Let's go through the causes of hypocalcemia.
Parathyroid surgery and the hungry bone syndrome
are classic causes of low serum calcium.
Patient's who've had neck irradiation, likewise
may have damage to their parathyroid gland,
also immune damamge to the thyroid gland as well,
infiltrative diseases of the thyroid gland
as one may rarely see in cases
of sarcoidosis or lymphomas,
hemochromatosis or Wilson's disease,
pseudohypercalcemia caused by low albumin state,
patients with malignancies
those individuals with vitamin D deficiency or low magnesium,
as well as patients with pancreatitis who can have
saponification of calcium within the gland due to
extreme exacerbations that lead to a low serum calcium.
Rhabdomyolysis is another classical example
as is most causes of kidney injury
and finally, the tumor lysis syndrome.
The clinical features of hypercalcemia are
also based on the level of calcium obtained.
There really are minimal symptoms when the
level lies in the range of 7.5 to 8.9 mg/dL
Most patients report symptoms of intermittent
paresthesias of the hands or feet or perioral numbness.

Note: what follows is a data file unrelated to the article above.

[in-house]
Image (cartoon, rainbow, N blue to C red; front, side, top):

Hypocalcemia due to chronic hypoparathyroidism
can also be associated with cataract formation,
basal ganglia calcification, papilledema
and dental enamel hyperplasia.
As the calcium level decreases further, patients
may present with neuromuscular symptoms and signs.
Carpopedal spasms is the classic example.
Here there is flexion at the metacarpophalangeal
joints and extension at the interphalangeal joints.
Spontaneous or triggered by transient distal
limb ischemia during blood pressure assesment
can cause this carpopedal spasm, and this is
classically known as Trousseau's sign.
Facial nerve hyperirritability and muscle spasm
demonstrated by percussion of the facial nerve
just anterior to the ear is
known as Chovstek's sign.
Laryngospasm, seizures and even myocardial
dysfunction which may cause sudden cardiac death
due to severe hypocalcemia usually occur
in ranges of calcium lower than 7.5 mg/dL